||Ever feel like every day is another challenge to be overcome? Not in that “it’s a new adventure today!” feeling, but more of a “what awful thing is going to happen today?” sorta way. I imagine that PCs must feel that way a lot, and if so then the endless parade of monsters probably has quite a bit to do with it. Sometimes it must seem like there’s a new monster every day. Speaking of which…
Creature Monthly is the aptly-named monthly compendium of creatures from the Creature Daily website, which delivers a new monster for your Pathfinder game every weekday. This first compilation presents the monsters for April, 2012. Let’s flip through the pages and see what creatures lie in store.
This product comes with two different PDF files, one called April12CDweb and another called April12CDpdf. I’m not sure what the technical difference between the two is, but there’s clearly some sort of difference, because my computer can view the former file smoothly, but the latter one has persistent viewing problems. To be more specific, whenever I try to look through the “April12CDpdf” file, my Acrobat Reader X (on Windows XP Home, if that helps) informs me that it’s having a problem viewing the file (error code 40), and refuses to display the artwork – the text comes through just fine, it’s only the artwork that refuses to display.
Of course, it’s something of a moot point, though a disturbing one, as the April12CDweb file displays just fine. From what I can make out, the two files are meant to be identical in terms of their visual presentation, so there’s no loss of content for the error. Hence, the rest of this review will deal exclusively with what’s in the “…web” file.
The April ’12 Creature Monthly is a forty-seven page PDF that contains exactly twenty monsters, something that always seemed slightly off to me, as there were twenty-one weekdays in April. I know that one missing monster is a small thing, but I can’t help but wonder what happened to the twenty-first creature.
Unfortunately, the book irked me from the get-go, as it lacked the ease-of-navigation tools I’ve come to expect both for PDF files and for bestiaries. To be clear, the book does have a table of contents, listing each monster alphabetically by name. That’s it. No hyperlinks in the table of contents, no bookmarks, no index of monsters by CR or creature type or even terrain. The only way to get an overview of what’s here is to read through the entire book and use the table of contents as a refresher. Hopefully future months will be more forthcoming with the GM aids.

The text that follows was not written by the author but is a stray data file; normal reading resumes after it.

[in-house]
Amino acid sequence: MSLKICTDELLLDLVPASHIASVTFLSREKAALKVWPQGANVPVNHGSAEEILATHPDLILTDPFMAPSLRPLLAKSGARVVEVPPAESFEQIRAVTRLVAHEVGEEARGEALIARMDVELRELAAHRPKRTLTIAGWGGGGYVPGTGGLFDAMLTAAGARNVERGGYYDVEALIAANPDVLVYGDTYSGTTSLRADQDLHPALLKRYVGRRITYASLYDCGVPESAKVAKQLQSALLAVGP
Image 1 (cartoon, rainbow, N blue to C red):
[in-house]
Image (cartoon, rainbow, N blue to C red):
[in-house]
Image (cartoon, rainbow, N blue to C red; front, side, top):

I would be remiss if I didn’t mention the artwork here, however. Each monster has a full color illustration, and the quality for the picture if exceptionally high. In each case the picture fairly leaps off the page, and will definitely wow your players. Given that the book it set on a light grey background, with borders of darker grey and slight whorl patterns on them, the presentation element of the book is strong. It’s so strong, however, that the lack of a printer-friendly version is notable in its absence. Likewise, size-specific counters to represent the creatures on the battlemat aren’t to be found either.
But after all of these technical issues, what about the monsters themselves, you ask?
The twenty monsters to be found here run a range of CRs, from ½ to 16, and surprisingly there’s an underlying theme to the monsters here – the majority of them are from a cold environment. Now, there are plenty of monsters for whom that’s not so, but a significant number of them are monsters with a wintery theme.
I should mention that most of these monsters could have stood to go a few more rounds of editing. In reading over what’s here, I found creatures with typographical errors (e.g. an opening parenthesis one space too soon for the Blood Shadow’s Ability Focus feat), stylistic errors (the storm angel is a Chaotic Neutral creature with the angel subtype, for instance, or how the Storm Wraith has the electricity subtype…which doesn’t exist), and errors in stat blocks (e.g. the Storm Wraith’s AC bonuses are +1 dodge, +4 deflection, and +7 Dex, giving it an AC of…24? What?). Little errors like these peppered the vast majority of the monsters here, and that’s just on a casual inspection.
Overall, this is a monster book with good intentions but flawed execution. The monsters here are, for the most part, very good in terms of their underlying idea, and in how they want to stat those ideas up. It’s a host of technical problems, from the PDF format to the stat blocks themselves that are holding the book back. Hopefully, these will be a learning experience for the publisher, and next month’s creatures will be easier to use to terrify your players.
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